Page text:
A Bar Harbor Water Division crew works to replace a section of water main on Shannon Road that failed early Saturday morning, sending thousands of gallons of water into the street. PHOTO COURTESY OF GEORGE MERRILL

Water main break turns into gusher



BAR HARBOR — Many downtown residents here woke up Saturday morning to find very low water pressure in their homes.

Around 5:30 a.m., the police started getting reports that water was gushing into the street on Waldron Road from a broken water main there, said Public Works Director Chip Reeves. Residents joked that it was almost enough to kayak in.

“It’s a great big 10-inch transmission line,” Reeves said. “That’s enough flow that it started to mess with the treatment up at the plant.”

The town’s water treatment plant is rated for 2,500 gallons per minute, so alarms were going off warning operators that the plant couldn’t keep up with the flow out of the leak. Reeves said at the scene he estimated peak flow at 3,500 gallons a minute.

“In the meantime, we already had personnel responding,” he said. “It was a big leak, so it lowered pressure in town until we got the leak isolated.”

Shutting off valves close to the break stopped the flow. That restored normal pressure to the rest of the system and allowed workers from John Goodwin Construction to dig up the affected section of pipe and replace it. Water was back on the Shannon Road line around 2:30 p.m.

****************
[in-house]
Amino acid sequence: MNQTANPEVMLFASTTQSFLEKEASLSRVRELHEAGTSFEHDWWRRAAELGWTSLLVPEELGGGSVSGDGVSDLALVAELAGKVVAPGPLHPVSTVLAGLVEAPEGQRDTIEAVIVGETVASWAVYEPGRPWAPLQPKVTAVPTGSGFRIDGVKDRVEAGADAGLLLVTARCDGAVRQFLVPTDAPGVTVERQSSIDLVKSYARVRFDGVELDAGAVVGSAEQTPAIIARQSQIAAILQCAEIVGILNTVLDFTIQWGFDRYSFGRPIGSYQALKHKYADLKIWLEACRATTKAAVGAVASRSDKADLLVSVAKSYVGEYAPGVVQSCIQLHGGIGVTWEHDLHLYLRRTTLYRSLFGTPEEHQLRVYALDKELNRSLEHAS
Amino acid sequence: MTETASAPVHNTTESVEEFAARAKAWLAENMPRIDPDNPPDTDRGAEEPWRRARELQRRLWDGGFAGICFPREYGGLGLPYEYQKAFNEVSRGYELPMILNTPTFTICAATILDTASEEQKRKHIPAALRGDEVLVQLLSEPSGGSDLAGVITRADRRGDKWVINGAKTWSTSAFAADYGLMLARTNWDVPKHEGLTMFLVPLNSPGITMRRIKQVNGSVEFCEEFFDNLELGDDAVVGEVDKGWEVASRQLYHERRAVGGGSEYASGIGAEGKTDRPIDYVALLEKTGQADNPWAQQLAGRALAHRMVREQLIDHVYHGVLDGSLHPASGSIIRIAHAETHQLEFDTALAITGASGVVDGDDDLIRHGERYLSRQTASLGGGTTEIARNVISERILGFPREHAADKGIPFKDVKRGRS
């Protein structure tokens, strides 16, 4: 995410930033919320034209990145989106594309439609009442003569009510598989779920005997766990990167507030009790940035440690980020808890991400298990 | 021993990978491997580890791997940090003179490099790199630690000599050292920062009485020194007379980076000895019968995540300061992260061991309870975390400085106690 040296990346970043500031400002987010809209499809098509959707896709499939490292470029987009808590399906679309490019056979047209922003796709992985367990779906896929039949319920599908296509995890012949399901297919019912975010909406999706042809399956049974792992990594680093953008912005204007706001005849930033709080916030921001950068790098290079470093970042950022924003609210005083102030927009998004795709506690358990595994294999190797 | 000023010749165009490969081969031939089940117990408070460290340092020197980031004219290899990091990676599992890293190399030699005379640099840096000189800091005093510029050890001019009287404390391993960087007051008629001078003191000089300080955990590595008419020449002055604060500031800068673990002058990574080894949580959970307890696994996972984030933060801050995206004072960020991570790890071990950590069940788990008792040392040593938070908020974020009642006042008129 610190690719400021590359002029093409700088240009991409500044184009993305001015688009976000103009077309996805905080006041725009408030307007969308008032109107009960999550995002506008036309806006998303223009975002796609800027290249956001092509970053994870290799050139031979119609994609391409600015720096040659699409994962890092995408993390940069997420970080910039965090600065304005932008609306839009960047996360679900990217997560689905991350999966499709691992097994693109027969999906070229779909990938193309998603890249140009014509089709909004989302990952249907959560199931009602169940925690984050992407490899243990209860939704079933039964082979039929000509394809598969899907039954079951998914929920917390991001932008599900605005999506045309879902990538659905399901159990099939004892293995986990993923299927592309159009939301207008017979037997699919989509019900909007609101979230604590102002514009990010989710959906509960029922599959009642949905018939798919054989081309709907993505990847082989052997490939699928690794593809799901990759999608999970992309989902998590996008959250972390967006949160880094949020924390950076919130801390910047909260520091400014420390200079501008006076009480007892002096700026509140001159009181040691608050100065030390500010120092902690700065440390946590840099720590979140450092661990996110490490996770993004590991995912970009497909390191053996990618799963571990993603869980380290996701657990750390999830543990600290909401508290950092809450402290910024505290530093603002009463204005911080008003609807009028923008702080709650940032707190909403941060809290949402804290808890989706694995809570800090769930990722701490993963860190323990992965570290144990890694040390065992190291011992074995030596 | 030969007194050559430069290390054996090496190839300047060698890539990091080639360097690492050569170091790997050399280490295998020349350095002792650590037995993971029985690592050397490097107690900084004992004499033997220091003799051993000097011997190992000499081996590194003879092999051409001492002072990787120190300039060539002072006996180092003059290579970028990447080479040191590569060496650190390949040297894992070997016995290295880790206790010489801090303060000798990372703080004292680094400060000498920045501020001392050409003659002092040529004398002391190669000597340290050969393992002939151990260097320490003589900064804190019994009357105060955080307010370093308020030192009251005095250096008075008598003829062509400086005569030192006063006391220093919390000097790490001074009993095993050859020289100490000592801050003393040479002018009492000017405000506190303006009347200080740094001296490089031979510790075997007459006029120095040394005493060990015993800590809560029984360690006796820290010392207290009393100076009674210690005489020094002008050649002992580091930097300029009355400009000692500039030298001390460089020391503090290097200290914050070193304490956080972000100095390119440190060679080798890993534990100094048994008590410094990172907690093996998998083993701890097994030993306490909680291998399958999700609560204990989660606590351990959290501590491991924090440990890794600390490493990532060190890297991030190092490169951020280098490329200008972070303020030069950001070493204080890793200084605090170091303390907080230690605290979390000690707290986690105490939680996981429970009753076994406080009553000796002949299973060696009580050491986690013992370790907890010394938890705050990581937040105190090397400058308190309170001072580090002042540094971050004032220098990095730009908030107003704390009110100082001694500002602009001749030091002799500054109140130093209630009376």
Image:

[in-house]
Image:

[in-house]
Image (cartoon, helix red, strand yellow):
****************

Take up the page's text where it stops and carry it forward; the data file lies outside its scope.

“When the pressure came back up, it jerked the system around a little bit,” he said, “so a lot of folks noticed some dirty water.”

Issues with town water can be reported to the Water Division if they happen during business hours, he said, and to the police department at other times. Police can then contact an on-call member of the water division staff.

In the 2016 annual report, Reeves wrote that the department aims to keep lost water quantity, a metric they must report to the Public Utilities Commission, below 10 percent of total volume. Lost water increased from 10.4 percent in 2015 to 11.8 percent in 2016, when crews had to repair 11 water main leaks.

Liz Graves

Liz Graves

Reporter at Mount Desert Islander
Former Islander reporter and editor Liz Graves grew up in California and came to Maine as a schooner sailor.

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